For a number of high-profile retailers and financial institutions, 2014 turned out to be expensive. And embarrassing.
According to a survey published by the Ponemon Institute, large American retailers lost an average of $8.6B to cybercrime last year while typical financial service providers lost an eye-popping $20.8B!
Huge numbers to be sure. Who were the biggest losers, though?
While much of the damage can be directly traced to compromised credit and debit card numbers, the numbers are magnified by the loss of confidence that can be attributed to stolen social security numbers, email and physical addresses and login credentials.
One of the most interesting aspects of many of these crimes is that data is frequently stolen and held for ransom. Many cyber criminals apparently believe that companies can be made to cave in to the threat of identity theft perpetrated with information that has been entrusted to them. Two of the best examples of this from the last year were the cases involving Domino’s Pizza and the news aggregator, Feedly.
In the Domino’s case, credit and debit card records of over 600,000 French and Belgian customers were stolen and held for ransom by the hacker group, Rex Mundi. According to reports, if the company didn’t fork over $40,000, the information would be released on the open market. Ultimately, Domino’s refused to cave in to the demands and, after a few days, was able to assure its customers that no data damage had actually been done.
The Feedly case reads only slightly differently. In mid-June of last year, the news aggregator suffered a series of Distributed Denial of Service (DDoS) attacks. The attackers threatened to continue the assault unless a ransom payment was agreed to. The company refused to be bullied and the attacks stopped shortly after.
This is all very Lindbergh’s Baby/Patty Hearst (look ‘em up!), but what of the “Invaders at the Gate and They’ve Come for Our Credit Scores”, or “Dude, Where’s My Social Security Number?” variety of cyber attack? Well, 2014 had you covered there, too.
How about 83 million email and physical addresses – 76 million home and 7 million small businesses – reported stolen from J.P. Morgan Chase in late August?
Or 233 million home and email addresses, phone numbers and login credentials appropriated from eBay last spring? Fortunately for eBay customers, the company keeps financial information encrypted and separate from other user data, but this isn’t always the case.
On June 9th of last year, an unspecified number of P. F. Chang’s China Bistro customer credit and debit card numbers were offered for sale on the open market. As many as 33 of the chain’s restaurants had been compromised between early March and May 19th – a potentially huge number of transactions. While waiting for new encryption-enabled terminals to be installed, restaurants were forced to resort to the old-school method of using manual imprinters for all card transactions. Not a good way to inspire consumer confidence. In addition to this indignity, the chain is currently offering free fraud alert protection to any customer who has used a card to complete a transaction at one of their restaurants in the last eight months. What a Public Relations nightmare.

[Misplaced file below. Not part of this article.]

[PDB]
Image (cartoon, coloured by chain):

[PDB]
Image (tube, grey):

While we’re on the subject of food, let’s take a quick look at what befell Dairy Queen and a franchise of its sister company Orange Julius as reported last October. No cross country road trip or visit to the local shopping center food court would be complete without a stop at the DQ or Orange Julius, right? So it’s a shame to find out that, because of an infection of Backoff malware in 395 stores, the Minnesota based company is now offering free identity repair services to customers who suffered from identity theft because of the attack.
But these are not the largest or most widely publicized attacks of the past year.
No list could be complete without at least mentioning Sony or the kingpin, Target.
In late November, hackers assumed to be working for the North Korean government broke into Sony’s internal network exposing employment and salary records. In addition, the contents of a number of private emails that had been passed back and forth between Hollywood executives, many of them potentially embarrassing, were released as well.
As embarrassing as the very high profile Sony story might be, it pales however when compared to the ugliness perpetrated on Target. Technically, Target’s security breach happened in late 2013, but it gets credit for ’14 because of the profound residual effects of the hack in which 110 million accounts, 70 million contacts and 40 million card account numbers, were stolen. The ripple effect of this crime is still being felt today in the over $200 million dollars spent by financial institutions in reissuing cards to victims whose accounts were compromised in the hack, or the over $100 million spent by Target in the upgrade of payment terminals to newer, more secure technology. There are plenty of other numbers to drop, but you get the picture.
The numbers related to cybercrime are staggering. And they are only going to get larger. In fact, to paraphrase James Comey, the Director of the FBI, there are currently two types of companies in the US: those who have been hacked, and those who don’t know that they’ve been hacked.
The need for qualified security providers has never been higher.